“‘I called to see how you’re doing,” my mother said, shortly after the election. “I knew you’d be upset.”
I told her that I felt angry, shocked, fearful for my rights as a gay person.
“I felt so bad for Hillary when I watched her speech,” mom said of Hillary Clinton’s concession speech the day after the election.
And I felt super bad that my 94-year-old mother will likely never see a female president before she dies.
I flashed back to last summer when I was staying at our family house at the New Jersey shore and we watched the DNC convention every night together. I realize now it was a powerful bonding experience.
I was on the couch and mom was in her comfortable reading chair. We loved first lady Michelle Obama’s speech and agreed she should run for office. “It is time for a woman president,” mom said forcefully. I was proud of her declaration although I never considered my mother a feminist.
She was a 1950s-type homemaker who never held a paying job after she got married. She was a Catholic, who opposed abortion, although she called the church sexist and accepted me as gay, much more than my now-deceased father.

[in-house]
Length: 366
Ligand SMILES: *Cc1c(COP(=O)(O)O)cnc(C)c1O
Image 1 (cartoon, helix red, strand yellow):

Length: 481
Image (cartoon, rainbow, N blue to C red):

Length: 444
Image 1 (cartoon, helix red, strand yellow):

While I was growing up the rebellious middle child, we fought a lot. Then, 10 years ago, my mom helped me through the breakup of my 26-year partnership.
And we got closer. I loved the fact we were now united, rooting for Hillary.
Unlike me, my mother does not vote blue down the ballot line. She supported Sen. John McCain (a war hero) for president in 2008, then voted for President Barack Obama who “did a good job” in 2012.
We both agreed Democrat Clinton is smart and qualified to be president. We both thought Republican Donald Trump is unqualified and unhinged (see the tweets about election fraud earlier this week). We loved when Mayor Michael Bloomberg called Trump a con artist. Now, we are still stunned Trump won.
I nursed my wounds for a couple of weeks, gearing up to resist in whatever ways possible, getting my bus ticket to go to D.C. next month. I’m still upset but I’m also grateful the election renewed our mother-daughter connection.
Kate Walter is the author of “Looking for a Kiss: A Chronicle of Downtown Heartbreak and Healing.”